The Immortal Life of Henrietta Lacks - Rebecca Skloot
This latest release of The Immortal Life of Henrietta Lacks is the must read and the pundits, scholars or even the armchair critics would share a consensus with me for you to have it, and to top it all it was awarded the Wellcome Trust Book Prize. It also won the Heartland Prize for non-fiction, a Salon Book Award, selected as one of The New York Times 100 Notable Books of the Year, and chosen as a Publishers Weekly Top 10 Books of 2010 which definitely bears the testimony that it has rose above the odds to remain ever popular and appealing in today’s time. Basically, the book is a non-fiction book and mainly depicts the life and times of Henrietta Lacks and the immortal cell line, known as HeLa that came from her cervical cancer cells in 1951. The book is notable for its accessible science writing and dealing with ethical issues of race and class in medical research. On February 1, 1951, just days after a march for a cure for polio in New York City, Lacks visited Johns Hopkins because of a painful "knot" in her cervix and a bloody vaginal discharge. After a biopsy, she was diagnosed with cervical cancer. The appearance of the tumor was unlike anything that had ever been seen by the examining gynecologist Dr. Howard Jones who, with his wife Georgeanna, would go on to found the Jones Institute for Reproductive Medicine at Norfolk, Virginia's Eastern Virginia Medical School. Even today, the first “immortal” human cells grown in culture, they are still alive today, though she has been dead for more than sixty years. If you could pile all HeLa cells ever grown onto a scale, they’d weigh more than 50 million metric tons—as much as a hundred Empire State Buildings. HeLa cells were vital for developing the polio vaccine; uncovered secrets of cancer, viruses, and the atom bomb’s effects; helped lead to important advances like in vitro fertilization, cloning, and gene mapping; and have been bought and sold by the billions.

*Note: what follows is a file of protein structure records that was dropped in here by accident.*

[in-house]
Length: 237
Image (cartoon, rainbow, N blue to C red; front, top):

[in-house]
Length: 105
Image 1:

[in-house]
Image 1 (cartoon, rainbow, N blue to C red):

And from that same life, and those cells, Rebecca Skloot
has fashioned in The Immortal Life of Henrietta Lacks
a fascinating and moving story of medicine and family, of how life is sustained in laboratories and in memory. Henrietta Lacks was a mother of five in Baltimore, a poor African American migrant from the tobacco farms of Virginia, who died from a cruelly aggressive cancer at the age of 30 in 1951. A sample of her cancerous tissue, taken without her knowledge or consent, as was the custom then, turned out to provide one of the holy grails of mid-century biology: human cells that could survive--even thrive--in the lab. Known as HeLa cells, their stunning potency gave scientists a building block for countless breakthroughs, beginning with the cure for polio. Meanwhile, Henrietta's family continued to live in poverty and frequently poor health, and their discovery decades later of her unknowing contribution--and her cells' strange survival--left them full of pride, anger, and suspicion. For a decade, Skloot doggedly but compassionately gathered the threads of these stories, slowly gaining the trust of the family while helping them learn the truth about Henrietta, and with their aid she tells a rich and haunting story that asks the questions, Who owns our bodies? And who carries our memories?
To catch all of the riveting and unsaid story of the medicinal fiction or experiment so to say of “HeLa”, I delegate you to have yourself an exclusive copy of this book by simply logging in to SA’s largest online shopping site wantitall.co.za that has it going at the unbeatable price you wouldn’t dare like you to pass by.